After sampling was over, everyone took a quick break before the main event: the screening of The Big Lebowski (hence the name Dudethon). It was super fun because everyone in the crowd loved the movie and you could hear people quoting their favorite lines throughout the evening. There were even a couple of super fans that dressed up like characters. The great thing about Dudethon is they were completely fine with people coming in and out to grab a beer at the bar, order pizza from the nearby pizza place or just run out to grab a snack of popcorn.

Studio 35 does events like these periodically throughout the year and this was my first time attending. It was a great time and I was even lucky enough to win a raffle that included two free movie tickets and a free popcorn. Looks like I will be returning soon…maybe for Bad Movie Night (BMN) in the future!

To learn more about Studio 35 and plan your own visit, visit their website below. Trust me, you will be going back again and again for the movies, beer and all around amazing atmosphere.

http://studio35.com/

Dudethon 2

How to Make the Most of Your Last Break

This December, I was faced with the realization that I was approaching my final “break.”  I have no additional grad school in my future, and I don’t know when I will take more than 2 consecutive weeks of vacation during my career. Moreover, future vacations will always be at least a bit overshadowed by thoughts of work left undone. It is a unique (and wonderful) feeling of freedom to finish final exams and presentations and “check out” for 4 weeks.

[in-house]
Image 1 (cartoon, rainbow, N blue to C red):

I am normally one to over-schedule my time off (as well as my time on), but I took a rewarding step out of my comfort zone this year and planned nothing over my break. By “nothing,” I mean that I had a couple of weekends set aside for my wife and me to go visit family over the holidays, but nothing in the way of a big trip or project. I was worried I would end the break with regret that I hadn’t taken full advantage of it, but having a more relaxing, spontaneous schedule was exactly what the doctor ordered.

Instead of having an epic, 4-week adventure, I scattered a number of “micro-adventures” throughout the break. My wife and I have a 1-year-old pup, an American Brittany Spaniel named “Gus,” that we have trained for hunting. I used the break to take him out about a dozen times to different bird preserves and local conservation land I hadn’t yet visited for both hunting and trail runs. In the afternoons/evenings, I worked through a long list of to-dos that have been accumulating over the year. Fortunately, these were much less chores and much more projects I have been hoping to accomplish with this much-needed free time. Lastly, I took the opportunity to make a small trip down to North Carolina to visit my favorite professor from undergrad, a much overdue trip.

Capture - Copy 2